Inside: Attracting birds to your backyard can be fun and relaxing. Writer Patsy Reiter reveals four tips in her guest post.
Throughout the year, I take great care to feed my variety of feathered friends. Summer is the busiest as many different species fly in and then depart when autumn arrives. Below are some ideas on how I have made my yard bird-friendly. I’m not an expert, but these applications work for me.
1. An abundance of trees and bushes is wonderful as birds like good nesting sites and most species return to the same area year after year.
2. Water and food source.
3. Colorful perennials and annuals attract hummingbirds, butterflies, and bees!
I personally fill two bird baths, one in the front and one in the backyard. Besides drinking from these, the birds like to take baths. Some weeks in the summer, I’ll rinse the bird baths twice during the day and fill with fresh water.
I keep my feeding station in the same spot, under a pine tree. I’ve had several hanging feeders, but the nocturnal animals such as raccoons tear them down. I’ve given up on that, but I do hang a small suet feeder and that remains in position.
I toss together a songbird country seed mix with black-oil sunflower seeds. I also make my own hummingbird nectar. One part sugar to four parts water, boil then cool, and fill a hanging feeder. Hummingbirds like red, so you’ll notice most feeders sport that color. I change the liquid every three to four days and wash the feeder to ensure mold doesn’t form. There are times mid-summer that I’m filling the feeder every day. My feeder hangs in front of my kitchen sink window, and it’s so much fun watching the little beauties.
Thistle seed for finches is expensive, so just once in a while I’ll purchase a small bag. I find that the finches dip into the oriole’s grape jam. Just drop a large spoonful of jam onto an orange lid or plate. Orioles are attracted to that particular color and also love oranges. There are liquid oriole feeders on the market, but I keep to simpler in-home items.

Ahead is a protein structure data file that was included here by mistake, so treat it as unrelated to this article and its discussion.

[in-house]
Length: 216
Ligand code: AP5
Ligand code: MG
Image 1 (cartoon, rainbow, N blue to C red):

Sometimes during the week, I treat my feathered friends to my own homemade mix—old bread dipped in leftover grease from bacon or red meat. I break it up, toss it out in the yard, and it’s quickly retrieved. Since there is an abundance of flowers, fruits, and grains for birds during the growing season, they are well fed.
In winter months, even after the snowbirds have headed south, I continue to feed my feathered friends. The blue jays and cardinals make a colorful display on a blanket of snow. I have a special fondness for mourning doves that seem to settle at my place all year.
Tip: Unsalted peanuts are a favorite of blue jays, but watch out for the squirrels as the nuts will disappear quickly.
My biggest tip? Sit, relax, and enjoy our feathered friends.
Are you a backyard bird enthusiast like Patsy? Tell us about it in the comments.
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Patsy Reiter has been writing stories for children and adults for over fifteen years, with five credits in two e-zine magazines and a piece in the Genesee County Family Resource Guide. A Michigan native and member of SCBWI-MI and American Christian Fiction Writers, her inspiration is fueled by her grandchildren and an offbeat sense of humor. In 2009 she won first place for her e-zine story “The Necklace.” School visits and opportunities to inspire children are high on her agenda. She enjoys spending time with family and friends where ideas consistently sprout. Patsy has just completed her first inspirational novel.